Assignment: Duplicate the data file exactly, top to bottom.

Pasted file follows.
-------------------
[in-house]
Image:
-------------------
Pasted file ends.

[in-house]
Image: